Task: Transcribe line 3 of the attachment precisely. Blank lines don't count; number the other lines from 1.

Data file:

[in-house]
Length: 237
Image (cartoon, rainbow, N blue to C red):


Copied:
Image (cartoon, rainbow, N blue to C red):